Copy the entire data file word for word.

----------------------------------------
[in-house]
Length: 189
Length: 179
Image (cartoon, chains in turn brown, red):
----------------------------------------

[in-house]
Length: 189
Length: 179
Image (cartoon, chains in turn brown, red):